No Parking Zone

Growing up, one of the biggest dreams I had was getting my driver’s license, so I could drive myself wherever I need to go and wouldn’t have to rely solely on my parents to take me everywhere. Not taking anything away from my parents, but as you can imagine, having your dad drive you to college or work, picking you up, sitting you in your wheelchair and telling you goodbye can kind of be embarrassing. Fortunately I have THE greatest parents in the world who let me have the freedom to drive myself wherever I need to go, whether it’s to work, the store or to get something to eat if I’m hungry.

Before I go any further, there have been a few times I have had to get my dad to take me to work, because my van was in the shop getting work done to the lift or a tune up. I can never repay him for always being there for me, making sure I’m not late for work, making sure my van is running okay and that my lift is working. Thank you dad!!! 🙂

Ok, good that little detour is over with, now I can get back to the topic at hand. I’ve been driving for about 10 years and whenever I am out, I am always watching for parking violators or other things that prevent me from getting out of my van or going into a store.

I remember about 10 or 15 years ago my family and I were going to Tennessee and we stopped at a K-Mart by the interstate so we could stretch our legs. Which is amazing isn’t it? Mom, dad and my sisters get out to stretch THEIR legs, and here I am, can’t even stand up… but I’m not complaining one bit, because I know God put me on this Earth for a purpose and to bless people with my amazing story of courage and hope.

Anyway, when we got out of K-Mart, and got ready to get back in the van, I couldn’t because someone parked in the “Expectant Mother” parking spot, right where I needed to let my lift down. Dad was furious, got the license plate number and went back in and had the driver paged to come move their car. When they came out and saw me sitting there, they had this look of pity on their face, like “Oh, I’m sorry.” Dad told them that only expectant mothers could park there, and the woman said, “Oh that’s not a law,” got in her car and drove off. I can’t tell you how mad we were, especially my dad. It just breaks my heart knowing that people don’t even care about people who NEED these spots.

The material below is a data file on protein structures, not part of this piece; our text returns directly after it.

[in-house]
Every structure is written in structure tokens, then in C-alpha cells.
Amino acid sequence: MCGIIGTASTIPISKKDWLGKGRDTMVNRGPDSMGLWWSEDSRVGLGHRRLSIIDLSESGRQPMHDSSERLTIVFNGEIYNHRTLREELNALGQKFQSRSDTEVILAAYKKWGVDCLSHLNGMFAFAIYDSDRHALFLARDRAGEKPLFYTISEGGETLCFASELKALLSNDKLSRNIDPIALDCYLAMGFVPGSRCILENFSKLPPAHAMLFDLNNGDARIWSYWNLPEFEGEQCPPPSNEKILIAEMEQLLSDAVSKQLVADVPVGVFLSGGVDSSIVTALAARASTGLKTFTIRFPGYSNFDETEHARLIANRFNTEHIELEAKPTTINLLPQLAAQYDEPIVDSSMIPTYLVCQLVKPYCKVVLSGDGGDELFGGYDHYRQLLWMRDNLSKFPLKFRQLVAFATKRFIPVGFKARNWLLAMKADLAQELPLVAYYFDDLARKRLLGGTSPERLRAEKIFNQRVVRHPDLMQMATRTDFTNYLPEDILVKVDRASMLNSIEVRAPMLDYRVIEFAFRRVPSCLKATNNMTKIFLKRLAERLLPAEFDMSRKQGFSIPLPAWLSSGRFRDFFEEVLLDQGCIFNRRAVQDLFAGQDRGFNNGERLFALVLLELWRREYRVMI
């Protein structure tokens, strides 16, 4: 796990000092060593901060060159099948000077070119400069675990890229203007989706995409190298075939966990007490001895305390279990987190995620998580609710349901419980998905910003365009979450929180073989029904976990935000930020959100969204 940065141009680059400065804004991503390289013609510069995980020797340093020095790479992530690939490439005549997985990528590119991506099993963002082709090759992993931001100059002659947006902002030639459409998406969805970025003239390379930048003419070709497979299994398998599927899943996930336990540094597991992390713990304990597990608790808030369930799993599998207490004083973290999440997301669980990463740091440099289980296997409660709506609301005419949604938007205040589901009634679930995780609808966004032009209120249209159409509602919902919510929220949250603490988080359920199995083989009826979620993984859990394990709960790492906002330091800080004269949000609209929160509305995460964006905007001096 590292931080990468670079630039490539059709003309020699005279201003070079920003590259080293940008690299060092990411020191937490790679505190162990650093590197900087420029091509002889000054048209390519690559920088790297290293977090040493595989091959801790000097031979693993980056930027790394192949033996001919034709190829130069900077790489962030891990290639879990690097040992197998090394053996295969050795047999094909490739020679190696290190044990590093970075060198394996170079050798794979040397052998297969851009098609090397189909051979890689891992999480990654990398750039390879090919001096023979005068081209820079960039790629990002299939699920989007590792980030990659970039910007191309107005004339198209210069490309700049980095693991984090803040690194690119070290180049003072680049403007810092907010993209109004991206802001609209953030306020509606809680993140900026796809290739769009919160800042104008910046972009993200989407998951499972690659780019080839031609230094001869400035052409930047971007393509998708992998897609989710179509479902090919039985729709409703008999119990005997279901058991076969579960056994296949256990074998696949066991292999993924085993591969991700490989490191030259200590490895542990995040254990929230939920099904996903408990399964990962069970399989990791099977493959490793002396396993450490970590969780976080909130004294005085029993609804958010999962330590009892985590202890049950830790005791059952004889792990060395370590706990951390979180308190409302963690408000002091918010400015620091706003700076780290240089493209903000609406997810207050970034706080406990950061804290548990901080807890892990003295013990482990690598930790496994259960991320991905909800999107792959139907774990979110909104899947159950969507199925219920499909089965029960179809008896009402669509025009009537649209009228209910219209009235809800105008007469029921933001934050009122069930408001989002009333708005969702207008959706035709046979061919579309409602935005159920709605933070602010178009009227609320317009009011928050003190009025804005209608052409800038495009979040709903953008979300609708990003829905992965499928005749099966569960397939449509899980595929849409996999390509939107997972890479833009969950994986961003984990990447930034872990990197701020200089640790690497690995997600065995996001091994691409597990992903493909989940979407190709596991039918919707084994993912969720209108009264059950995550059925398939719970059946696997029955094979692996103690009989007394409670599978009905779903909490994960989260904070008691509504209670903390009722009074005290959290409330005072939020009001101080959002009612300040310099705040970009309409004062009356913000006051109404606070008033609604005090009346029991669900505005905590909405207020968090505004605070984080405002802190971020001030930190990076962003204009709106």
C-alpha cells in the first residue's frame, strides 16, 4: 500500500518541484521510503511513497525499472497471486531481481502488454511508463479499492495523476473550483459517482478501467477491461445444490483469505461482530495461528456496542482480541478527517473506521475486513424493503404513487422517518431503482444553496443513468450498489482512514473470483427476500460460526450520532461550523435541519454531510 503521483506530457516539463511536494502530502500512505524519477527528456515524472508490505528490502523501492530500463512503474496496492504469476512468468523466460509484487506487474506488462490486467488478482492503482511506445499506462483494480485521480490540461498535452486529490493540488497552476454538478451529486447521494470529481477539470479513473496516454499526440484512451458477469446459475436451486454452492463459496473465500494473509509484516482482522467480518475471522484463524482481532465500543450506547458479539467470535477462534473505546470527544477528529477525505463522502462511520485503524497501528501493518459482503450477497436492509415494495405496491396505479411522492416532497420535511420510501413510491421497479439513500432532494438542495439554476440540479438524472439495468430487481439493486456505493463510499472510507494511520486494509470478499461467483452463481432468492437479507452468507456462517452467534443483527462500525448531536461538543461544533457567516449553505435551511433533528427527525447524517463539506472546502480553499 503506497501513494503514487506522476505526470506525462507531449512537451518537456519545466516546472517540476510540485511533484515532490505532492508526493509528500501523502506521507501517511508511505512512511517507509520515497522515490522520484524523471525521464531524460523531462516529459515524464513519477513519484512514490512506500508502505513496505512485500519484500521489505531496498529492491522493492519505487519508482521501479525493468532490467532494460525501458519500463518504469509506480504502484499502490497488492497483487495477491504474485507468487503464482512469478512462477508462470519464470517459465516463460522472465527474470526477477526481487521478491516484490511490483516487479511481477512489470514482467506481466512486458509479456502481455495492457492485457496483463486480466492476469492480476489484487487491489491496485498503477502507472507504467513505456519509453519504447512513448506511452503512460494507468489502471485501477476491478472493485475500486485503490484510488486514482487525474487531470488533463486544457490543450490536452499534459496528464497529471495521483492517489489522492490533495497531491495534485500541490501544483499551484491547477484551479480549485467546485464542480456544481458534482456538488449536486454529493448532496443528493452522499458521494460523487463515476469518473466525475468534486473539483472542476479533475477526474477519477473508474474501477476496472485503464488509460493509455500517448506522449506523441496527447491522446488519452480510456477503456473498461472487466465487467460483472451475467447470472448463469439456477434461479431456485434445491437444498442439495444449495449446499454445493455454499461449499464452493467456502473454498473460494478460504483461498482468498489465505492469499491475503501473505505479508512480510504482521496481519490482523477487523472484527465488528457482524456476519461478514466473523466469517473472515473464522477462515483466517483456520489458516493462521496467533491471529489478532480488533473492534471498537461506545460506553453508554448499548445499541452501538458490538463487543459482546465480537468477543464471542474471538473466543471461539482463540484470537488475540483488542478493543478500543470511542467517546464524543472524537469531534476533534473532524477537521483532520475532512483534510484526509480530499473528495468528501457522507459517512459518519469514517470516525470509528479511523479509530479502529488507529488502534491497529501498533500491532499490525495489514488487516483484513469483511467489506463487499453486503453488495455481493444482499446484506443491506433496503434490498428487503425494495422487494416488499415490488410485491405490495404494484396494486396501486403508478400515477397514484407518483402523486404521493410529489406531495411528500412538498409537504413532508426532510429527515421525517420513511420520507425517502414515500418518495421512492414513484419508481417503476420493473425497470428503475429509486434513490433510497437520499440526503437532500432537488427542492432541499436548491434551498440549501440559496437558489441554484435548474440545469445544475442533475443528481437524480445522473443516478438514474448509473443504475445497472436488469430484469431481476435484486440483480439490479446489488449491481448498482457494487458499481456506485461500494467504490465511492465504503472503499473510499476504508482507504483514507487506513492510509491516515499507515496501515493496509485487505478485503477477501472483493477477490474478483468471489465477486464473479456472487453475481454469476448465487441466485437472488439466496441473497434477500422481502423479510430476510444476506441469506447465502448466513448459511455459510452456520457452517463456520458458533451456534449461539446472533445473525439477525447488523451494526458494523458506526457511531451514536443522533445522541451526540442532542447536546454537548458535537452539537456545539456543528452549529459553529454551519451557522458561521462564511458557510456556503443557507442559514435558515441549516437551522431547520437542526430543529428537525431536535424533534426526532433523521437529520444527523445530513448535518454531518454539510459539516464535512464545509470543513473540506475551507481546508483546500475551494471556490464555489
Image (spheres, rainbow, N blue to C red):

I remember another time I was getting out of class and got ready to get in my van, and basically the same thing happened. Someone parked in the loading zone, right next to my lift and I had to wait until they came back out. I saw them getting out and told them to move, and they just blew me off and said, “I’ll just be a minute.” When they came back out, I opened my lift RIGHT in front of them, so they could SEE how utterly STUPID they were to park there. If it’d been raining, I would have been soaked to the skin and had to drive an hour home in wet clothes.

And a couple weeks ago I went down to the farmers market and parked on the Square, in a handicapped spot… Marietta’s Public Works Department restriped the parking on the Square about a month or so ago and added a couple extra parking spaces for handicapped drivers, but they put the lines for the loading/unloading zone on the wrong side. I had to slide over so I had enough room to let my lift down and get out. Well when I got ready to leave, I got to my van and saw somebody parked two feet from me, which hardly left me enough room to roll between us and unlock my doors…

I called my dad and told him what happened, and he had to come down and move my van so I could get in… Let’s just say that when he got there, both he and I were NOT in a GOOD MOOD, and all because somebody wasn’t using good judgement… Now I have to be fair, the other vehicle had a handicapped permit in their dash, but come on, use a little COMMON SENSE people. If you saw a van parked the way I was, wouldn’t you eventually think, “Oh, that person must have a lift they need to get out. I better park a couple spaces over so they’ll have enough room.”

You know, I just wish people would get their heads out of their butts and actually put themselves in my position one day. How the heck would you feel if you were disabled, in a wheelchair and not even be able to get in your car because some dumb idiot who cares only about themselves parked in the spot you need? PLEASE just open your eyes and get your heads out of the dang clouds and realize we are people too, who want to be a welcome part of society.

Shopping cart blocking handicapped parking space at Wal-Mart

Before I go, there’s another thing that really grinds on my nerves, and if you know someone with a disability, you can probably relate big time. I was at Wal-Mart the other day and I found a spot right in front (one of the advantages of getting there at 8 a.m. :)). As I was getting out, I looked across the aisle and saw something that almost made me blow up. Someone had apparently finished shopping, put their groceries in their car and left the shopping cart in the HANDICAPPED spot!!! Let me tell you, nothing ticks me off more than knowing people are so LAZY they can’t even walk the cart back in the store, or put them back in the little corrals that say “Return Carts Here.” It’s not going to hurt you to spend a few extra seconds to put the carts back where they belong.